CQ Plus September 1-7 2012

Fighting for Peace?

Preface: Paul gives the Thessalonians, both leaders and lay members, very practical as well as spiritual advice about how to relate to one another.

Fighting for peace! Surely that is a contradiction—but let me explain. At the end of World War II, the United Nations (UN) was formed as an overarching body to mediate among countries. Fresh hopes would have been formed after nearly six years of brutal wars, death, and destruction. Many countries were represented at the UN and, theoretically, any disagreements between them could be resolved by negotiation.

Unfortunately, there are still many conflicts and wars. And peace is often enforced only by the presence of weapons in the hands of the peacemakers. Sadly, this peace is generally artificial. Many people still live each day in fear of death. So many children will never experience peace in their lives.

The only answer to this lack of peace is to be found in Jesus, the Prince of Peace. Throughout His life, Jesus taught peace (Matt. 5:38–48; John 14:27). He says in Matthew 5:9 that the peacemakers are children of God. Jesus was not one to sit back passively. He took action when required (Mark 11:15–18). He spoke up against injustice and fought for equality for all people (Matthew 23; John 8:1–11). As Christians, we also are required to be peacemakers. We are to follow the example of Jesus by actively trying to create peace in this world.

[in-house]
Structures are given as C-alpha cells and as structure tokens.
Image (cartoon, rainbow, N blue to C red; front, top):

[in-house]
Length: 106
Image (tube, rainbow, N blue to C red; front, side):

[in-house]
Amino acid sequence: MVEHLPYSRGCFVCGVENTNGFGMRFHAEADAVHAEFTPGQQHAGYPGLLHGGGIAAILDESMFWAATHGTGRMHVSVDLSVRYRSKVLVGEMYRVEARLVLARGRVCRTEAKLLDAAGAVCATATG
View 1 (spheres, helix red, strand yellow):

Consider the following possible actions:
1. Pray daily for peace.
2. Join an organization like Amnesty International.
3. Become an advocate for any refugees in your church.

The fight for peace cost Jesus His life. He was scorned by the local people, despised by the government, rejected by close friends. The price of peace can be expensive. But Jesus challenges us all to be fighters for peace. Will you accept the challenge?

Robin Hill, Ashfield, Australia